72° wxIcon
Hi: 82° Lo: 65°
Feels Like: 72°
Fowler
Clear
72° wxIcon
Hi: 82° Lo: 65°
Feels Like: 72°
Williamsport
Clear
74° wxIcon
Hi: 83° Lo: 66°
Feels Like: 74°
Crawfordsville
Clear
67° wxIcon
Hi: 82° Lo: 66°
Feels Like: 67°
Frankfort
Clear
66° wxIcon
Hi: 83° Lo: 65°
Feels Like: 66°
Delphi
Clear
74° wxIcon
Hi: 85° Lo: 65°
Feels Like: 74°
Monticello
Clear
74° wxIcon
Hi: 86° Lo: 64°
Feels Like: 74°
Logansport
Clear
70° wxIcon
Hi: 82° Lo: 63°
Feels Like: 70°
Warm Weekend Continues Sunday
WLFI Radar
WLFI Temps
WLFI Planner

Indiana Coronavirus Cases

Data is updated nightly.

Confirmed Cases: 72254

Reported Deaths: 3023
CountyConfirmedDeaths
Marion15503725
Lake7447274
Elkhart476082
Allen3789161
St. Joseph337381
Hamilton2668105
Vanderburgh188813
Hendricks1833106
Cass17749
Johnson1719118
Porter126639
Clark117846
Tippecanoe117711
Madison91565
LaPorte88330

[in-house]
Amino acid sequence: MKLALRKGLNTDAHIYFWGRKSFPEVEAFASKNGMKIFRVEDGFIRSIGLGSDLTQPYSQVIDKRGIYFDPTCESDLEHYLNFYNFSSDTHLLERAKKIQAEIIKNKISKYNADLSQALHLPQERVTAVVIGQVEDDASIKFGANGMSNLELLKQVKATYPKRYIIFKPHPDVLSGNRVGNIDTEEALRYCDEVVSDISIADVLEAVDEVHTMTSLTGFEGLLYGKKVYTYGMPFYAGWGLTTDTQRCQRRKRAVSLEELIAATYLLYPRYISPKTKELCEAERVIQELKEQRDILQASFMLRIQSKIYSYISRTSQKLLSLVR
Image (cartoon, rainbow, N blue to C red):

Howard87265
Kosciusko84012
Marshall77122
Bartholomew76647
Floyd76045
Monroe72230
Delaware70152
Dubois67612
Boone66246
Noble65929
Hancock64138
Vigo58610
Jackson5725
Warrick57030
LaGrange55610
Shelby54227
Grant52130
Dearborn49328
Morgan45934
Clinton4093
Henry37320
Wayne35410
White35410
Montgomery34821
Lawrence33627
Decatur33232
Harrison32123
Putnam2868
Miami2672
Daviess26320
Scott26310
Greene24634
Franklin23813
Jasper2272
DeKalb2264
Jennings22012
Gibson2144
Steuben2063
Ripley1977
Fayette1837
Perry18112
Carroll1772
Starke1767
Posey1670
Orange16624
Wabash1633
Wells1622
Fulton1612
Jefferson1552
Whitley1506
Knox1490
Tipton1336
Spencer1313
Washington1311
Huntington1213
Newton11510
Randolph1154
Clay1095
Sullivan1031
Adams952
Jay860
Owen841
Pulaski761
Rush744
Brown731
Fountain682
Blackford622
Ohio624
Benton600
Pike520
Parke511
Vermillion500
Switzerland450
Crawford440
Martin430
Union370
Warren221
Unassigned0202

COVID-19 Important links and resources

As the spread of COVID-19, or as it's more commonly known as the coronavirus continues, this page will serve as your one-stop for the resources you need to stay informed and to keep you and your family safe. CLICK HERE

Closings related to the prevention of the COVID-19 can be found on our Closings page.

Community Events